American Malachi Davis slipped from third to fifth in the final strides of the 400 meters at the British Olympic trials yesterday in Manchester, and failed to earn an automatic berth for the Athens Games in his adopted country.
Davis must wait until British selectors name a provisional Olympic roster on Tuesday to find out if he is headed to the Games. His fifth-place finish makes him a long shot.
Davis, whose mother was born in London, won his heat Saturday, two days after arriving in Britain for the first time.
While the U.S. Olympic trials were being held in Sacramento, Davis's appearance at the trials in Manchester was greeted with surprise by rival athletes, although team officials said he had done nothing wrong.
Looking at the opposition, Davis had said he had a better chance of earning an Olympic berth at the British event than at the U.S. trials.
In the final, he started sluggishly but was in third place when the runners hit the final straight. He then fell behind leaders Daniel Caines and Tim Benjamin, and slowed dramatically in the final strides and was passed by Sean Baldock and Richard Tobin.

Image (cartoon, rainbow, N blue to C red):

Davis finished in 46.47 seconds, well off his season best 45.52.
Benjamin won in 45.58 seconds, becoming the first British runner to beat Caines since July 2001.
Jacobi on Canoe/Kayak Roster
Bethesda native Joe Jacobi is the only Olympic medalist on the 2004 canoe/kayak roster, which was finalized yesterday.
Jacobi won the two-man canoe whitewater slalom gold medal in Barcelona in 1992. He'll be in the same event this year, partnered with Matt Taylor.
Also on the team is former whitewater slalom kayaking world champion Rebecca Giddens, who finished seventh in the 2000 Sydney Games. Other former Olympians on the team are Taylor and sprint paddlers Kathy Colin and Jordan Malloch. Colin will race in both the two- and four-person kayak events at 500 meters; Malloch is entered in the 500 and 1,000 canoe pair.
Rami Zur is entered in both the 500 and 1,000 single kayak sprint events. Zur competed in Sydney for Israel in 500 and 1,000 two-person kayak events, but finished outside the top 10.
The first-time Olympians are: Andrew Bussey and Jeffrey Smoke in the 1,000 kayak pair; Benjamin Lewis and Bartosz Wolski in the 500 kayak pair; Carrie Johnson in the 500 kayak single and four; Marie Mijalis in the 500 kayak four; Lauren Spalding in the 500 kayak pair and four; Nathan Johnson in the 500 and 1,000 canoe pair; Brett Heyl and Scott Parsons, both based in Bethesda, in kayak slalom; and Chris Ennis in canoe slalom.